Architects Work to Design Bird-Friendly Buildings

Modern architecture's infatuation with glass, seen in sparkling residential and office towers rising in cities across North America, has been a bird killer of staggering proportions. Christopher Joyce profiles those trying to solve the problem.
August 10, 2012, 7am PDT | Jonathan Nettler | @nettsj
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Because birds don't have depth perception like humans do, and can confuse the reflections in buildings with more sky, many are killed after colliding with glass windows and curtain walls - to the tune of 100 million to one billion (!) every year in North America by one estimate. 

In recognition of the increasing problem, ornithologists and architects are working to devise solutions such as special glass coatings and frits to break up reflections and make buildings more visible to birds.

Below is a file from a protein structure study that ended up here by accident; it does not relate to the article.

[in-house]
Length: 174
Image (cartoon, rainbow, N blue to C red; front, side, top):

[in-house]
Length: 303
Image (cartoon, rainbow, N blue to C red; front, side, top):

Additionally, "Several cities in the U.S. and Canada either have or are considering new building codes that require bird-friendly materials. And there are some quick fixes for windows - decals or sheets of patterned plastic that attach to glass."

"But ideally," writes Joyce, "biologists and architects want solutions that people can't see and that will be standard products in buildings - and that won't cost an arm and a leg."


Thanks to Daniel Lippman

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Published on Wednesday, August 8, 2012 in NPR
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